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How the tech unicorns of 2019 are doing on the stock market

By Vox

Check our IPO tracker for a glimpse at the performance of some of the biggest new public companies in techRead full story

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  • Some startups spend $0.40 of every $1 of venture capital they receive on paid acquisition. Cheap debt is fueling a bubble in VC and many LP's are putting money into venture funds because they can give much bigger returns than the stock market.

    I think the growth for growth sake makes sense if you have

    Some startups spend $0.40 of every $1 of venture capital they receive on paid acquisition. Cheap debt is fueling a bubble in VC and many LP's are putting money into venture funds because they can give much bigger returns than the stock market.

    I think the growth for growth sake makes sense if you have solid unit economics and strong product-market fit (PMF). In Lyft and Uber's cases they have PMF but not solid unit economics like Zoom. Zoom is profitable and that explains their IPO doing better than Lyft and Uber. The thing about paid acquisition and paid growth is it's still debt that you have to repay later down the round--it'll come due.

    Uber, once they IPO'ed, immediately offered me 20% discounts on my next 10 rides then 40%!!! discount once I binge on 10 rides @ 20% discount. So their marketing team probably pushed more rides to show # of rides growing, but that's not organic. What's worst is their unit economics are out of whack and something both companies need to fix towards profitability and they have conditioned users like me to crave cheap Uber rides...but when the prices calibrate without all that cheap capital subsidizing the true price and costs, I won't be binge on Uber rides as much.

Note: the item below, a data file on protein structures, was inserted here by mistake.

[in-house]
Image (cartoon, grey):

The other issue is because they are IPO-ing later, the VC's are getting ALL the gains (which stinks for investors who wait to buy such hot companies on the public market). When companies IPO sooner (like Whole Foods did), they are forced to push for sustainable profitability or already are profitable--which a lot of companies in the past achieved before going public. John Mackey (Founder Whole Foods) said no to his VC's who wanted him to take on more venture capital (and hence more control and profits) instead of going to the public markets. And he said that was the best decision ever was to go straight to IPO instead of binging on easy and cheap capital from VC's who just wanted to make more money and get more control (which you can't blame them).

  • The dot-com bubble burst made people reluctant to tech IPO investment.

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